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Bully study hype? Do 80% in high school really see bullying weekly?

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Detroit Free Press/AP

(Read caption) A new bullying study suggests 80 percent of American high school students see cases of bullying each week, adding to the anti-bullying movement momentum. Vicki Carlson, owner of Ink & Thread, shows an anti-bully t-shirt she designed to sell in West Branch, Mich., Sept. 27, 2012.

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There’s a new study out today about bullying in American high schools, and at first glance, the numbers from this one are shocking:

Scouring data from more than 50,000 teens across the country, researchers with DoSomething.org, a social action organization for young people, found that more than 80 percent of American high school students see bullying every week. Only a tiny percentage – three percent – said that bullying at their school was “not an issue at all,” and fully half of teens said they rarely or never see their peers intervene. (This despite almost everyone saying that the best way to combat bullying is to have other students, rather than teachers or parents, intervene.)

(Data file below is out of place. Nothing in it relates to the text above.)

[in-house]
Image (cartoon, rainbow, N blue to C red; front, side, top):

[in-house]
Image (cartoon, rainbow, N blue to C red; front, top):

Also, contrary research by the Pew Internet and American Life Project and other cyberbullying studies, the DoSomething.org survey found that the most commonly reported location of frequent bullying was online: more than two out of three students reported frequent online bullying. (In contrast, 67 percent of teens in Pew research reported that bullying and harassment happens more offline.)

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